A 15-year-old girl who died after she stepped out in front of a truck was on her mobile phone at the time, an inquest heard.
Nikita Dunne of Sherrard Street, Dublin 1 died after she was struck by a truck outside Heuston Station on July 17th, 2014.
Family members paid tribute to the teenager, described as a funny, bubbly, happy, lovely girl.
Ms Dunne was raised by extended family having lost both her parents at a young age. Her grand-uncle Joe Flood said the family bear no ill will against the truck driver and keep him in their prayers.
Dublin Coroner’s Court heard Ms Dunne was seen walking from the Parkgate Street direction about 4.20pm in the afternoon.
Witness Aoife Breen, who was on the Luas, said she saw the girl walk out in front of the truck without looking up from her mobile phone. “I saw a white oil truck. I saw a girl on the footpath, it looked like she was texting on her phone. She walked out without looking up from her phone,” she said.
Truck driver Patrick Bagnall had made a delivery to Heuston Station and stopped at a red light before easing slowly forward in the direction of Heuston Bridge. He saw the girl as he waited for the lights to change.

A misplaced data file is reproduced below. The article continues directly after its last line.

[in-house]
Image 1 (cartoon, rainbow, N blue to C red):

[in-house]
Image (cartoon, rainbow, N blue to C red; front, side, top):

“The last I saw of her she was on the footpath. I checked the mirrors and moved off. I felt a bump and saw a body on the ground,” Mr Bagnall said.
Witness Andrea Gozzola saw the girl cross in front of the truck, which was moving at “walking speed”.
Her head was below the truck’s cab level, making it impossible for the driver to see her, he said.
“When she was half across she turned her head back and realised, she was too close to get away. It all happened so slowly but yet so quickly,” Mr Gozzola said.
Witness Andrea Ryan was cycling along South Quay and saw Ms Dunne fall under the wheels. “It was as if she was just pushed over by the truck,” she said.
Sergeant Paul Kearney said CCTV footage showed the girl was holding a mobile phone when she stepped out in front of the truck.
“It appears she was holding something to her head. She may have been dialing a number when she was seen looking at her phone (seconds) earlier. She may have noticed the truck more if her arm was down,” Sgt Kearney said.
The girl was pronounced dead at the scene.
A postmortem examination carried out by State Pathologist Prof Marie Cassidy found that she died of crush injuries to the trunk due to a road traffic accident. Blood tests revealed the teen had no alcohol or drugs in her system.
The jury returned a verdict of accidental death and recommended that the “dangers of the distractions of using mobile phones should be drawn to the attention of the public and the National Roads Authority”.